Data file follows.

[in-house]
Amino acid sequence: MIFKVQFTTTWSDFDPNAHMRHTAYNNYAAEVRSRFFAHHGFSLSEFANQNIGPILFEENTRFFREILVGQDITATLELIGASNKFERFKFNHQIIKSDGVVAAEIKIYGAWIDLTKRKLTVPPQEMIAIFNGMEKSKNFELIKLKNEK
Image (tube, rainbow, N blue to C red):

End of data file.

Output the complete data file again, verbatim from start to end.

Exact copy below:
[in-house]
Amino acid sequence: MIFKVQFTTTWSDFDPNAHMRHTAYNNYAAEVRSRFFAHHGFSLSEFANQNIGPILFEENTRFFREILVGQDITATLELIGASNKFERFKFNHQIIKSDGVVAAEIKIYGAWIDLTKRKLTVPPQEMIAIFNGMEKSKNFELIKLKNEK
Image (tube, rainbow, N blue to C red):